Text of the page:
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Author Topic: Julie and Julia, or whatever it's called  (Read 934 times)
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Posts: 103

« on: January 01, 2010, 03:49:38 PM »

My mother gushed over this book.  So, when I was stuck in an airport bookstore, stocking up on books to use as mind fodder to distract me
during the hop between the coasts, and I chanced across a copy, I took the plunge.  I wasn't excited about the purchase, but felt guarded optimism that it would equate to several hours of relieved tedium.  I could tell from a cursory examination that it passed two of my mandatory criteria, and put my faith in my mothers judgment for the third.

Just for the record, my criteria are:

1) The font is big and easy to read.  My eyesight is not good.
2) It's small--will fit in my pocket, will not strain my wrist holding.
3) The writing doesn't suck dead donkey balls hard.

Rarely has a book succeeded so well on criteria 1 and 2 and then fall flatter on its face on 3.

I should have known better than to trust the recommendation of my mother--after all, her track record of recommendations for things like Girls I Should Date is spotty at best.  I should have also noticed the "Soon to be a major motion picture" on the cover--unless you're Nick Hornby, this is usually an indication that dead donkey balls are heading your way.

As far as I can tell, she never actually follows any of the recipes; the book is a listing of all the corners she cuts because she doesn't have the right tools, right ingredients, right husband, right friends, right parents, right kitchen, right job, her car is psychotic, and her truck unreliable.  So, Julie, why don't you step away from the computer, clean up your life, and then come back and write about that?  I mean, if I want to read about self-loathing people who create their own problems, refuse to face them, and dig themselves deeper and deeper into lameness and mediocrity via a failed and half-hearted obsession to achieve a completely arbitrary and meaningless goal, I don't need to pay money for it.  I can read about that sort of thing for free.  That's what blogs are for, right?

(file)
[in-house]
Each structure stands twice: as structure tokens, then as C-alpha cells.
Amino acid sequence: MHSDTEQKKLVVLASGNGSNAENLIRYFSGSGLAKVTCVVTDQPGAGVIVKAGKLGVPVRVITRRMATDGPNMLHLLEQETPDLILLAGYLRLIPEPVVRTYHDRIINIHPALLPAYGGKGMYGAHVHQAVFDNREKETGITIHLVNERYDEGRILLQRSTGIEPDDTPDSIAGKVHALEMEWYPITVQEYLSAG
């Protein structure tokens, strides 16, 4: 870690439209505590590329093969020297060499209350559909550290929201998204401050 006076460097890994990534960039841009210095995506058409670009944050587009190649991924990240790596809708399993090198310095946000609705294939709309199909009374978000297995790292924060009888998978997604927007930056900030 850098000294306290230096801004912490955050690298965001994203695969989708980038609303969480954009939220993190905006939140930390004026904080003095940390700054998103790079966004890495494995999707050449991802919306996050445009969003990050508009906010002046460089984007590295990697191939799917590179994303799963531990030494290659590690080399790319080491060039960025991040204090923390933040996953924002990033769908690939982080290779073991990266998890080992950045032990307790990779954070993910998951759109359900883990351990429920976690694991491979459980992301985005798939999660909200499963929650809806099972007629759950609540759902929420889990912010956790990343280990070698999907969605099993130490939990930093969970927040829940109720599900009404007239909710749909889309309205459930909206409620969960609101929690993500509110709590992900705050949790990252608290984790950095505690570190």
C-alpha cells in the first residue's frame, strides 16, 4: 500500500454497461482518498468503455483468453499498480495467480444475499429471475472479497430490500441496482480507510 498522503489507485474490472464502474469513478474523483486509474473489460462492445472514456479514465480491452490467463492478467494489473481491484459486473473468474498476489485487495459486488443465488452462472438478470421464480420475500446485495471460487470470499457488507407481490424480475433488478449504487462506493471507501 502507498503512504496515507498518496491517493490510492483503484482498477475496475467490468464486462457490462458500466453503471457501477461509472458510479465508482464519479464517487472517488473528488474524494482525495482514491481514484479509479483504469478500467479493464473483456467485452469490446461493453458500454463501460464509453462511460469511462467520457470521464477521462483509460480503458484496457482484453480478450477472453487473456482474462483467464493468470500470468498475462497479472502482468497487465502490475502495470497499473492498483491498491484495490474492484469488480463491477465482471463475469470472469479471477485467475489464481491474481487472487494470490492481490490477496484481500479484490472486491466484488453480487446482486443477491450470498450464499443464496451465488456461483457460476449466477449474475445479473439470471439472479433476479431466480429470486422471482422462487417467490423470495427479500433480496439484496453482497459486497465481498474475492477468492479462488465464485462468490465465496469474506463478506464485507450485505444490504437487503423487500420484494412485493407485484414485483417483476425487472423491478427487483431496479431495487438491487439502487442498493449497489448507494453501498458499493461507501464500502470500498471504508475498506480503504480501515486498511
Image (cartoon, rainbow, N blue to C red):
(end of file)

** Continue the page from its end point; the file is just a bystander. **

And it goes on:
To be fair, I gave up on page 150 and didn't finish the book.  When the pilot said it was OK to use electronic devices, I put the book down and didn't pick it up again.  It lost out to "Firefly" reruns on my iPod.  I can't say much more than that.  Maybe it got a bunch better towards the end.

But lots and lots of people thought this book was pretty peachy.  If you can explain this to me, I am your apt pupil.

Member in Good Standing

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Posts: 447

« Reply #1 on: February 20, 2010, 09:15:11 AM »

Sorry, I just can't get excited about this one and the film sounds like the Julia Child part is good, but the the otehr Julia is deadly dull.

"We don't have to protect the environment, the Second Coming is at hand." James Watt, Secretary of the Interior under Ronald Reagan.
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